Friday, 11 October 2013

Week #41| Matthew Joseph Payne- Quintation

Week 41: And this week we're brining you a track from Glowing Star Matthew Joseph Payne (please excuse the vile pun). Chiptune, piano and some banjo: we're going high class this week. Grab the track here

WT: How did you first come into contact with the chiptune scene?

Matthew Joseph Payne: In high school, I played way too many instruments and gadgets in a band called Formerly Bridgeway. On one song - a rap about Mega Man - I provided interludes between verses by playing synths over parts of the music from Mega Man II for Game Boy, literally by playing the game during the verses to cue up the music and SFX I needed. Someone saw me doing this and told me "hey, there's this neat thing called LSDJ…". This was around 2001, so pretty early on in the modern LSDJ era of the chiptune scene. I ordered a cart, as you did in those days, and pumped out a few tunes, including one that also involved a "Fishing for Phonics" toy that I performed live at a music camp. I then summarily forgot about LSDJ for 10 years. At this point I had no clue whatsoever that there was any kind of community or scene surrounding this stuff.

When Lizzie Cuevas and I decided to start "a band that has something to do with videogames", I dusted off my LSDJ cart and re-taught myself how to program it. When that band became The Glowing Stars, Lizzie met Morgan (of Crashfaster) and introduced us and that was literally my first introduction to the "chiptune scene" proper, in 2010 I think.

WT: What methods go into a composition of yours?

MJP: My methods are extremely haphazard. Some work starts out as pencil on paper, some from an idea improvised on an acoustic instrument (banjo or piano, typically) and others from LSDJ noodlings, which I'll sometimes keep on my "in progress" cart for years. Before any piece hits any kind of public forum, it generally sees all three of those settings.

WT: What influences, musically, both from within and external to the chip scene, have been prevalent in your music?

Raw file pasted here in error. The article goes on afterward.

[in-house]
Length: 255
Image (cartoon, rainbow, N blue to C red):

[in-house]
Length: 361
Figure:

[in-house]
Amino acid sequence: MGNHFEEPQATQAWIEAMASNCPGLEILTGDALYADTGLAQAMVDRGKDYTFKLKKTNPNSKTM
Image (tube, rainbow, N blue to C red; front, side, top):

MJP: I'm heavily influenced by performative, song or composition based groups or artists. Sleepytime Gorilla Museum, Yes, Mr. Bungle and the like are big time, long-term influences. I have a soft spot for 70's progressive rock in general. Within the scene I'm seriously inspired by the likes of The J. Arthur Keenes Band, Fucking Werewolf Asso and my good friends Awkward Terrible. More recently I've been a little too obsessed with the debut albums by Seal of Quality and Crying. I wouldn't say that any of them have necessarily inspired my writing, but I'm really moved by the way they use chipmusic sounds in a greater context.

WT: How do your working relationships with artists such as Slime Girls and Ap0c come about?

MJP: Being able to notate my music has opened a lot of doors.

I met Pedro (of Slime Girls) before the band really got started, when he was asking me for advice on writing drum and noise channel parts that coexist well, based on my work in TGS. I see him all the time and we're huge fans of each other's music, so collaborations are natural. I've hopped onstage to play trombone with them a few times, and I provided a horn section for him at a GDC show on a night when I'd already hired a couple sax players to do another gig in SF. We're working on a collaboration, but progress is slow - probably a mixture of co-written songs and my horn arrangements on their tunes.

When I got booked for 8static, ap0c literally approached me out of the blue and offered to sit in with me. It was awesome! He's such a pro, I literally emailed him a dropbox link to a bunch of bass and bass trombone charts and we had about a half hour rehearsal before the show started; that was it. Now he's doing some tracking for my next record, and I'm really really excited to have him! He and I have a lot in common it turns out, backgrounds in sound design and an interest in its theory and study - not to mention a Western classical music background to boot. Most people hide behind big instruments like the tuba, but he really exudes energy when he's playing, which I just love!